4. Make Money-Money. Buying something you can’t see is terrifying, but even in the few months my new condo building was open for sales, the prices went up 10%. So even if we hate our new place (fingers crossed not) we could always sell it and make a profit. Barring a tsunami, mega earthquake or the bottom falling out of the Vancouver housing market because of newly imposed restrictions on foreign ownership.
  5. New-Place Extras. Most of the old apartments in Mount Pleasant/East Van/Fraserview don’t come with in-suite laundry, nor do they have the space/strata say-so to put one in. A lot don’t have a dishwasher either. I currently live without both and struggle every day. Our new place HAS BOTH and will also have a patio (!!!!). It’s 3-feet deep, but STILL. Forgot to mention new place also has a bike room, so we no longer have to store our wheels in the apartment.
  6. Pet-friendly. I’m not sure if this is with all new builds, but no matter what our future strata decides in terms of rules, we’re allowed one dog (no size restriction) and one cat! The people we sell it to will inherit those same perks too, which is a good selling point. We’re also able to rent our place, regardless of strata bylaws, so it could always be an income property should we turn into mad housing ballers.
Goodbye communal laundry!!! Photo By Reni Fajarwati (Own work) [CC BY-SA 3.0 (http://creativecommons.org/licenses/by-sa/3.0)], via Wikimedia Commons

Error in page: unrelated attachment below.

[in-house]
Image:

Goodbye communal laundry!!! Photo By Reni Fajarwati (Own work) [CC BY-SA 3.0 (http://creativecommons.org/licenses/by-sa/3.0)], via Wikimedia Commons

There are of course disadvantages to going pre-sale.

I have looked at so many apartments online that seem great, and then you look closer at the photos and you’re like, “Why did they put that pole there?” “Why is there a solarium between the living room and the view?” “Who thought that triangle-shaped rooms were a good idea?” I wouldn’t buy a new dress without seeing it first, so in that respect spending $300K on a pre-sale home is effing insane.

  1. Time. Time is money, and the minimum wait for a pre-sale is around two years. Construction typically won’t start until they’ve sold out or mostly sold all the units and it can also be held up for ridiculous unforeseen reasons. Breaking ground was delayed on our place for eight or nine months because of a hydro pole the city wouldn’t take down. Instead of moving in later this year, we’re looking late spring 2017.
  2. GST. For some reason, you have to pay 5% GST when you buy a new home. This sort of takes the edge off the savings you get from buying pre-sale in the first place, as it can be like $20,000. First-time homebuyers get some money back, but it’s like $750. What’s that pay for? A notary appointment? Half a rug?
  3. Fluctuating Specs. I was alarmed to hear from my Realtor that things aren’t built exactly to the floorplan. They can swap subway tiles for penny tiles based on availability, they can put in a sliding door instead of a swinging one and they can SHORT YOUR SQUARE FOOTAGE. Step into my nightmare for a minute: our new apartment’s living room is just under 10-feet wide. TINY. How can it be cool for them to build my condo and short me even a foot? Two feet? An actual shoebox. I would be able to lie down end-to-end and touch the walls. Realtor says it could go the other way, and actually get bigger. Ha! Snowball’s chance in hell.

The delay in time has also given me much more time to stress about whether or not we made the right decision, so to quell some of my fears, I thought I’d mock-up a virtual model. That post coming soon!